Aberdeen Hooks For Panfish
April 14, 2017
Forty-six years after the end of the Revolutionary War, a pair of Englishmen from Redditch opened a sporting good store on Park Place in New York City, '¨T & J Bate Company. It underwent several name changes, finally to William Mills & Sons in 1875, surviving over 100 years in business making fish hooks, flies, and top-end fly rods and reels. Their 1924 catalog was 160 pages.
Photos show that beginning in about 1859, one of their popular hook styles was an Aberdeen, with the long shank and fine wire we're familiar with today, but lacking an eye. Presumably anglers would pound the end flat into a "spade" shape, then tie directly with some form of a snell knot.
In the late 1920s, shortly after Drew McGill and Stan Wright had formed a fly tying company, the pair was trout fishing the upper Colorado River. As the story goes, McGill had difficulty hooking fish, and while observing closely an eagle's talons in action, decided to make a better hook. The resulting product had sweeping curves and a sharp point designed to set in line with the direct pull from a leader. Today, Eagle Claw offers several series of Aberdeen hooks, the most popular their #202 gold model.
According to Matt Gray, Eagle Claw Marketing Manager, the company has been making this style for at least 30 years. "The Aberdeen has always been one of our top sellers at Eagle Claw," he says. "Distribution is nationwide, but strongest in the southern states. This fine-wire, long-shank hook is a favorite of crappie anglers fishing minnows.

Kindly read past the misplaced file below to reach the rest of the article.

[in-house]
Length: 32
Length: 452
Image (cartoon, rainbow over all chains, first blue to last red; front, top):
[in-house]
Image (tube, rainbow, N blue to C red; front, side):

"They're tempered to be a little softer, to bend out easily when anglers hang in brush," Gray continues. "But when bent back into shape, they retain their strength." Eagle Claw offers Aberdeens in platinum black, red, chartreuse, and gold. A snelled version (#121) also is popular. Most are available from #8 to 2/0, with #2, #4, and #6 the best sellers. Eagle Claw also sells plenty of Crappie Rigs, a wire spreader with a pair of Aberdeens. Eagle Claw also offers an Aberdeen Automatic Rotating Hook (#222), bent to add action to a slow trolling presentation.
Mustad offers a gold Snelled Aberdeen, with a turned down eye, of extra-fine wire from #6 to 2/0 with leaders of 6- to 10-pound test. Their Slow Death hook is based on an Aberdeen hook, but with a lateral bend to impart a spiraling action to a trolled nightcrawler, deadly for walleyes and other gamefish. It's available in bulk or with a leader.
Tru-Turn, part of TTI Companies, offers six series of Aberdeens in blood red, real gold, bronze, and blue, all with their patented kinked shaft with cam action that turns in a fish's mouth to set the point upward into the jaw whatever the angle of the bite. Tru-Turns were invented in 1959, initially as a worm hook for bass. Company spokesman T. J. Stallings points to the #6 blood red Aberdeen as their top seller. "They bend out to free a snag, then can be bent back into shape, more than 10 times in my experience," he says.